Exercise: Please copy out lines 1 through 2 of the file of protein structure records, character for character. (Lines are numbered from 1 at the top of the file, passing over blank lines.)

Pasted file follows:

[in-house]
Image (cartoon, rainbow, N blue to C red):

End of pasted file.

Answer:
[in-house]
Image (cartoon, rainbow, N blue to C red):